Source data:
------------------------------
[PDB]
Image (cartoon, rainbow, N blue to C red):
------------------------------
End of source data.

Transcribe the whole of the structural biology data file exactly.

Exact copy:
[PDB]
Image (cartoon, rainbow, N blue to C red):